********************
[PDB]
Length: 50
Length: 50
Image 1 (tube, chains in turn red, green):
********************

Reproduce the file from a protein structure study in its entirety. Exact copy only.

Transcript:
[PDB]
Length: 50
Length: 50
Image 1 (tube, chains in turn red, green):